For some reason it’s the shoes and the hair—which is a wig now—and I’m ready. I had a really bad wig then Trixie Mattel gave me a lace front that I cut myself.

You style you own wig?

I can’t seem to find a wig person. I’m putting the word out. I also make my own costume, I know that’s shocking. I make a new coat of bubble wrap in each city because it’s cheaper to buy the bubble wrap when I get there then to take up space in my luggage. So it has a slightly different shape every time. I wanted something I could move in, do some light movement on stage, some space work, choreography.

Has Tilda seen the show?

She’s had some friends come to see the show—specifically the last version we did in London a couple months ago. Her stylist came, so I’m pretty sure she’s aware. Also I met her niece on the street, I accidentally handed her a flyer for the show when we were in Scotland. And she said, “That’s my auntie,” so I invited her to the show, gave her free tickets, and she enjoyed it. Maybe I shouldn’t say which relative. No! Who cares?

Bryan Carpender
Byron Lane and Tom Lenk

Speaking of Trixie Mattel, she presented you your WOWie. What’s the weirdest award you’ve been presented with?

Hmm. I have a couple here. “Comedic Mastery” from the Pasadena International film festival. I was like, OK?, I’ll come and get it, but like, I don’t know… Comedic Mastery? The other person receiving the award was Doris Roberts from Everybody Loves Raymond. I was like, Yes, obviously she deserves an award! She’s done some shit. I mean done some stuff, but I would really love to do more, the opportunity to get some more work. My favorite moment was when she got up to receive the award and—I think she’s dead now, right?—and she got up and said [in a droning voice], “Thank you for having me. I can’t stay long because we’re outside in the night air, and I’ve been very ill. Very ill. I was recently in the hospital…” I’m like, Oh, God, she just told us she’s ill.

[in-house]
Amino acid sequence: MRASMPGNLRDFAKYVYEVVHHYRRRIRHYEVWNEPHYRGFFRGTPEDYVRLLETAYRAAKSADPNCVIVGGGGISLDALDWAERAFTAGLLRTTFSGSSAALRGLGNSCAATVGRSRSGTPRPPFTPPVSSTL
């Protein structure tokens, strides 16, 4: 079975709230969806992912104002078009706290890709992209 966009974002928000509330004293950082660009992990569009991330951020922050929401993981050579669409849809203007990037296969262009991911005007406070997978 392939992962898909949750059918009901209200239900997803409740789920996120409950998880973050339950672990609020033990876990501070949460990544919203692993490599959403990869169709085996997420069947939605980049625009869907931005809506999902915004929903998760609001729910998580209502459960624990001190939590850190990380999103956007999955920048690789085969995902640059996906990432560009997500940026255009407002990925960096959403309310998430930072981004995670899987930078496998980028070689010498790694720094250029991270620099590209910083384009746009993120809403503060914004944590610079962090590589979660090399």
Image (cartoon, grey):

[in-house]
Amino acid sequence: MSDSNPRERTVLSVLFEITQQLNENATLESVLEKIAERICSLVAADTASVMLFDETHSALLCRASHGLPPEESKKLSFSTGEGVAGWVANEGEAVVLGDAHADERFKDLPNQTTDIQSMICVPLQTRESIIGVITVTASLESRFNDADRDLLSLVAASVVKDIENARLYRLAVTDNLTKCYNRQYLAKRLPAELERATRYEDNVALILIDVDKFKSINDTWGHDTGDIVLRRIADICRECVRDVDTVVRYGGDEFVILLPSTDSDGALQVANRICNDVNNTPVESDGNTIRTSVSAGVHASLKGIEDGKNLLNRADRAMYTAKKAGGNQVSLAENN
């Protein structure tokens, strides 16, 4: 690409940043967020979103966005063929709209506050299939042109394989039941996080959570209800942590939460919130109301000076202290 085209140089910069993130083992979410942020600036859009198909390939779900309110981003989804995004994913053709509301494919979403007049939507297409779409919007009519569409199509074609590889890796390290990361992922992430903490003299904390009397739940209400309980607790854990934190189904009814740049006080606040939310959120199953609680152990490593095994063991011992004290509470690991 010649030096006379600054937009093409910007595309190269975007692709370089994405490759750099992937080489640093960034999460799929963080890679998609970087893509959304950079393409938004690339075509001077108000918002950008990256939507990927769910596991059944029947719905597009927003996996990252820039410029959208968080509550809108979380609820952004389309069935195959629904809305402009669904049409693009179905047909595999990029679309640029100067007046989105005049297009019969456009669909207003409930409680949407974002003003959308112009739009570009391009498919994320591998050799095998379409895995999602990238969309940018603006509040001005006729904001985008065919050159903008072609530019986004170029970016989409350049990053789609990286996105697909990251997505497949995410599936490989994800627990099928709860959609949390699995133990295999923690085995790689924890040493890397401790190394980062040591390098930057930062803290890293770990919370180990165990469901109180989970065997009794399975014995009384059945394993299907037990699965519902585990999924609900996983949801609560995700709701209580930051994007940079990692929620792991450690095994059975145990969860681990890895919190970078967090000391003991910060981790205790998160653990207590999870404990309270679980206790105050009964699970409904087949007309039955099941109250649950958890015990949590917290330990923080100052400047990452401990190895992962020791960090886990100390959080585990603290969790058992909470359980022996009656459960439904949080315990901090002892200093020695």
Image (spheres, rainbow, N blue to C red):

I got a golden potato once from some publication in San Francisco. It’s on my mantle. The weirdest award was when the movie Argo won the SAG Award for best cast, so I was like, Oh, wow, am I technically a SAG Award winner? I was in the movie, mostly on the cutting room floor, but I still was in it. So I wrote an email to the SAG awards. It was in a particularly dark period in which I had recently auditioned to play a plate of nachos. I wrote, “Dear SAG Awards, I’m curious to know if I’m now a SAG Award winner, because if I am, one of lovely trophies would make me feel much better, seeing that I recently auditioned to play an anthropomorphic plate of nachos that eats himself. A cannibalistic plate of nachos in a commercial. Please let me know your thoughts. Love, Tom.” They sent me a message back and said, “Unfortunately we will not be sending you a trophy”—those are for the celebrities—“but we will be sending you certificate, and we hope it looks good on your mantle. And we hope you feel better as you Nacho your way to the top.” I can’t tell if they were torturing me or if they had a lovely sense of humor. I do have a framed certificate on my wall.

Directed by Tom Detrinis (Bright Colors and Bold Patterns), Tilda Swinton Answers an Ad on Craigslist stars Lenk (Buffy the Vampire Slayer, Rock of Ages on Broadway) as Tilda Swinton and co-stars Byron Lane, Jayne Entwistle (Feud, Desperate Housewives) and Mark Jude Sullivan (Pan Am) in performances through April 28 at The Laurie Beechman Theatre in New York.

Editorial director at Logo. Likes sunny spots with palm trees and drinks with umbrellas.